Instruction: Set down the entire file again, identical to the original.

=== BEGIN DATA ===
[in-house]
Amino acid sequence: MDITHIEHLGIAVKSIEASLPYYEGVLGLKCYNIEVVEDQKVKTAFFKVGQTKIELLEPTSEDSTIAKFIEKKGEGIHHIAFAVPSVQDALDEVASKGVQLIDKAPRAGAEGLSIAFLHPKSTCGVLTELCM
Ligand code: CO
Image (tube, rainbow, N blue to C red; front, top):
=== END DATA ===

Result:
[in-house]
Amino acid sequence: MDITHIEHLGIAVKSIEASLPYYEGVLGLKCYNIEVVEDQKVKTAFFKVGQTKIELLEPTSEDSTIAKFIEKKGEGIHHIAFAVPSVQDALDEVASKGVQLIDKAPRAGAEGLSIAFLHPKSTCGVLTELCM
Ligand code: CO
Image (tube, rainbow, N blue to C red; front, top):